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Postdoctoral Position: Evolution of Pathogen Resistance/Freezing Tolerance in Switchgrass

 The Lowry lab in the Department of Plant Biology at Michigan State University (MSU) is seeking a Postdoctoral Research Associate who will conduct research on the evolution of Pathogen Resistance and/or Freezing Tolerance in switchgrass. Switchgrass is an important target species for domestic production of cellulosic biofuels. The principal aim of most switchgrass breeding programs is to develop high-yielding cultivars. However, as feedstock plantings expand, so will pathogen pressure. Unless controlled, fungal pathogens with explosive disease potential will likely drive yield declines and economic losses. Pathogen resistance can be developed through breeding programs that exploit natural genetic variation in disease resistance. Much of the functional genetic variation in switchgrass is distributed clinally with latitude as well as between lowland and upland ecotypes. In general, southern lowland cultivars of switchgrass have many advantages over northern upland cultivars because they are higher yielding, require fewer nitrogen inputs, and are more resistant to pathogens. In addition, southern lowland cultivars are generally more tolerant to heat, drought, and flooding than northern upland cultivars. However, southern lowland cultivars are more susceptible to winter kill than northern upland cultivars.

The proposed research will utilize new and powerful genetic mapping populations (QTL and GWAS) to identify genomic regions responsible for divergence in disease resistance and freezing tolerance between northern upland and southern lowland switchgrass ecotypes. These mapping populations have been planted at an unprecedented geographical scale, spanning ten common garden field sites distributed over 17 degrees of latitude in the central United States. Therefore, this experiment is ideal for identification of regionally effective fungal pathogen resistance loci (at one sites) as well as globally effective loci (across multiple sites). In addition, we plan to survey populations for survival to identify loci involved in overwinter survival. Results from the field will be validated through laboratory experiments on fungal pathogen resistance and freezing tolerance. Overall, these studies will provide an improved understanding of the process local adaptation and identify loci that can be utilized in switchgrass breeding programs.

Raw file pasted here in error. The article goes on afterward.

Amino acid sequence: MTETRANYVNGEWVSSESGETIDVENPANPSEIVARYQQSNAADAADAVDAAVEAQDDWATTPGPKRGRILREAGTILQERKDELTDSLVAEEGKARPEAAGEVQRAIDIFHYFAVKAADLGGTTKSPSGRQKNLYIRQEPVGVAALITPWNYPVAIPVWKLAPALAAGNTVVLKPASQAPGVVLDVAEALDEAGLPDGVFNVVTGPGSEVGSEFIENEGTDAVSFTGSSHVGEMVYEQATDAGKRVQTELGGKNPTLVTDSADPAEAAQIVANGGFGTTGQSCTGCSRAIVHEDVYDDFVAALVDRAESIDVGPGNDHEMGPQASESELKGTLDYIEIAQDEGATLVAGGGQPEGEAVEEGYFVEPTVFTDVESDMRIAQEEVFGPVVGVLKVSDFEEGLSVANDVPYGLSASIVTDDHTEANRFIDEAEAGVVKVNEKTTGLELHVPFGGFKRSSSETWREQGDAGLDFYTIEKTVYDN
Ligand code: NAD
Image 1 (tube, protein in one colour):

Required Qualifications: PhD in a field related to Genetics, Genomics,Bioinformatics, Evolution, Plant Biology, and/or Plant Pathology at the time of hire.

 Desired Qualifications: Expertise in Plant Pathology and/or Freezing Tolerance. General interest and understanding of evolution, genetics, and plant biology. Experience working in the field and laboratory with plants. Experience with analyzing genomic data. Experience conducting Genome Wide Association Studies (GWAS).

To Apply: Potential candidates should send a one page statement of past research accomplishments, CV, and list of three references to David Lowry at

For Potential Graduate Students

If you are interested in topics related to my research and think that you might be interested in joining my lab, please feel free to contact me at Before contacting me, I strongly encourage you to read some of my recent publications, which can be found at:

My appointment at MSU is in the Department of Plant Biology ( While my appointment is in Plant Biology, there is the opportunity for graduate students to apply jointly to the University Program in Ecology, Evolutionary Biology, and Behavior (EEBB; Students in EEBB obtain their degree from a core department (Plant Biology), but also receive a certificate from EEBB. Students can also join my lab and receive their degree through the Genetics Graduate Program (, which is part of the BioMolecular Science Gateway (

There are several fellowships at MSU, one exclusively for students in the plant sciences (unfortunately, these are only available for US citizens). There are also TA positions available in the Plant Biology department at MSU. The Genetics Program supports students during their first year of laboratory rotations. If you are eligible, I strongly encourage you to apply for a NSF Graduate Fellowship. These are very competitive, but a real benefit to your graduate program.

All of the application materials for the PhD programs should be available on the web, but if you have any questions regarding Plant Biology, please let me know. For information and application materials for EEBB or Genetics, check the websites (see above). If you have questions about Plant Biology admission requirements and financial support, contact the Plant Biology graduate program coordinator Dr. Alan Prather (alan(at)